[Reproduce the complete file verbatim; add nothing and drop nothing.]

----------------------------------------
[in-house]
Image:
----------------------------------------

[in-house]
Image: